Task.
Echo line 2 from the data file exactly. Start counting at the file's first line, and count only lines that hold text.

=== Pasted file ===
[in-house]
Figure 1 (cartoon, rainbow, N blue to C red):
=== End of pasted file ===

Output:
Figure 1 (cartoon, rainbow, N blue to C red):